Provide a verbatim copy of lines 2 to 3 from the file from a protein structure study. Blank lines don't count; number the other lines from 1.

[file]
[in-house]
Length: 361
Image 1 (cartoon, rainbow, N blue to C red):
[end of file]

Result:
Length: 361
Image 1 (cartoon, rainbow, N blue to C red):